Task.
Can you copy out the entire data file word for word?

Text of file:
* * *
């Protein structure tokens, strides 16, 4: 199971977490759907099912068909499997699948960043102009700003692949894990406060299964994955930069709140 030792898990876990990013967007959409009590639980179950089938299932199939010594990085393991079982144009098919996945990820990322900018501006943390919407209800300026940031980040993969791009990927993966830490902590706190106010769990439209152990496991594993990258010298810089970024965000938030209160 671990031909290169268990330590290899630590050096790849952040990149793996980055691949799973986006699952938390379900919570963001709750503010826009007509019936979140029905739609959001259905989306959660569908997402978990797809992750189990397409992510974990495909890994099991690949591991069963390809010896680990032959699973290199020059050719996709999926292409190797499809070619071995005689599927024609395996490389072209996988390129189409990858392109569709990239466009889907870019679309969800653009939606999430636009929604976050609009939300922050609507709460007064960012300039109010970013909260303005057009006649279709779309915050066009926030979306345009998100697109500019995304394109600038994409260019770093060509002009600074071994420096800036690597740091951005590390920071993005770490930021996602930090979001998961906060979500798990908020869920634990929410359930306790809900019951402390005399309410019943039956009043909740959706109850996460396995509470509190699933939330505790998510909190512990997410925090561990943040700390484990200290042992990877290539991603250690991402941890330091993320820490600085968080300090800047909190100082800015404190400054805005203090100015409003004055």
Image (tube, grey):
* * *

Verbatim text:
């Protein structure tokens, strides 16, 4: 199971977490759907099912068909499997699948960043102009700003692949894990406060299964994955930069709140 030792898990876990990013967007959409009590639980179950089938299932199939010594990085393991079982144009098919996945990820990322900018501006943390919407209800300026940031980040993969791009990927993966830490902590706190106010769990439209152990496991594993990258010298810089970024965000938030209160 671990031909290169268990330590290899630590050096790849952040990149793996980055691949799973986006699952938390379900919570963001709750503010826009007509019936979140029905739609959001259905989306959660569908997402978990797809992750189990397409992510974990495909890994099991690949591991069963390809010896680990032959699973290199020059050719996709999926292409190797499809070619071995005689599927024609395996490389072209996988390129189409990858392109569709990239466009889907870019679309969800653009939606999430636009929604976050609009939300922050609507709460007064960012300039109010970013909260303005057009006649279709779309915050066009926030979306345009998100697109500019995304394109600038994409260019770093060509002009600074071994420096800036690597740091951005590390920071993005770490930021996602930090979001998961906060979500798990908020869920634990929410359930306790809900019951402390005399309410019943039956009043909740959706109850996460396995509470509190699933939330505790998510909190512990997410925090561990943040700390484990200290042992990877290539991603250690991402941890330091993320820490600085968080300090800047909190100082800015404190400054805005203090100015409003004055």
Image (tube, grey):